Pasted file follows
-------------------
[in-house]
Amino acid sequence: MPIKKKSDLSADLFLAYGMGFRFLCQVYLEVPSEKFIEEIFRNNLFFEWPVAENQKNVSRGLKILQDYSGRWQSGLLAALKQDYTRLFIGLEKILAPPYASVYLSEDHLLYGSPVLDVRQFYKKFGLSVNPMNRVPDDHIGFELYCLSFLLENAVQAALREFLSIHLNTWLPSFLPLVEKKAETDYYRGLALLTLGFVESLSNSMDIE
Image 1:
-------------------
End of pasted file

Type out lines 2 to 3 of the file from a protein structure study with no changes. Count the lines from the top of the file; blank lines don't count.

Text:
Amino acid sequence: MPIKKKSDLSADLFLAYGMGFRFLCQVYLEVPSEKFIEEIFRNNLFFEWPVAENQKNVSRGLKILQDYSGRWQSGLLAALKQDYTRLFIGLEKILAPPYASVYLSEDHLLYGSPVLDVRQFYKKFGLSVNPMNRVPDDHIGFELYCLSFLLENAVQAALREFLSIHLNTWLPSFLPLVEKKAETDYYRGLALLTLGFVESLSNSMDIE
Image 1: